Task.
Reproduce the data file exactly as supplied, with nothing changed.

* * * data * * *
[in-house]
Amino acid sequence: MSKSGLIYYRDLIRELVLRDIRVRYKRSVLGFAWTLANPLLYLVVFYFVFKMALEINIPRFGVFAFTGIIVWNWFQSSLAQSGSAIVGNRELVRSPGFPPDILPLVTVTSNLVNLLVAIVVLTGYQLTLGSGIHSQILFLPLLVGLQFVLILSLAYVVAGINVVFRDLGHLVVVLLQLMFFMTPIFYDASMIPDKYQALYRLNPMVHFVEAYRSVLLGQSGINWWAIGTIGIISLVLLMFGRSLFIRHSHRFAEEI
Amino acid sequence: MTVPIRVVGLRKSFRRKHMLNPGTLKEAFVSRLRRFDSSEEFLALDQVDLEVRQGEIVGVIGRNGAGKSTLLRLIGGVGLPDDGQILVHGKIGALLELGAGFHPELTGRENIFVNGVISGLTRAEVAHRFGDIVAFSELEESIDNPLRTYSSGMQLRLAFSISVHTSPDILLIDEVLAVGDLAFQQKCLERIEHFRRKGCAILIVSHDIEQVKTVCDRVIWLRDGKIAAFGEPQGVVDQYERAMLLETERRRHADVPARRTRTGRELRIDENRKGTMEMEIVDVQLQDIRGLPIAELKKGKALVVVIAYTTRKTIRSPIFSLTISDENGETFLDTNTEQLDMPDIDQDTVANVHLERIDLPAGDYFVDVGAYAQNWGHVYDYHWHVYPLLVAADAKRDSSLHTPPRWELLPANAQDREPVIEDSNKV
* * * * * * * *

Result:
[in-house]
Amino acid sequence: MSKSGLIYYRDLIRELVLRDIRVRYKRSVLGFAWTLANPLLYLVVFYFVFKMALEINIPRFGVFAFTGIIVWNWFQSSLAQSGSAIVGNRELVRSPGFPPDILPLVTVTSNLVNLLVAIVVLTGYQLTLGSGIHSQILFLPLLVGLQFVLILSLAYVVAGINVVFRDLGHLVVVLLQLMFFMTPIFYDASMIPDKYQALYRLNPMVHFVEAYRSVLLGQSGINWWAIGTIGIISLVLLMFGRSLFIRHSHRFAEEI
Amino acid sequence: MTVPIRVVGLRKSFRRKHMLNPGTLKEAFVSRLRRFDSSEEFLALDQVDLEVRQGEIVGVIGRNGAGKSTLLRLIGGVGLPDDGQILVHGKIGALLELGAGFHPELTGRENIFVNGVISGLTRAEVAHRFGDIVAFSELEESIDNPLRTYSSGMQLRLAFSISVHTSPDILLIDEVLAVGDLAFQQKCLERIEHFRRKGCAILIVSHDIEQVKTVCDRVIWLRDGKIAAFGEPQGVVDQYERAMLLETERRRHADVPARRTRTGRELRIDENRKGTMEMEIVDVQLQDIRGLPIAELKKGKALVVVIAYTTRKTIRSPIFSLTISDENGETFLDTNTEQLDMPDIDQDTVANVHLERIDLPAGDYFVDVGAYAQNWGHVYDYHWHVYPLLVAADAKRDSSLHTPPRWELLPANAQDREPVIEDSNKV